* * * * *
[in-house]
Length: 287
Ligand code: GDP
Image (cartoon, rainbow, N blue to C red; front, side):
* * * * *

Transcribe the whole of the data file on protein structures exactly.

[in-house]
Length: 287
Ligand code: GDP
Image (cartoon, rainbow, N blue to C red; front, side):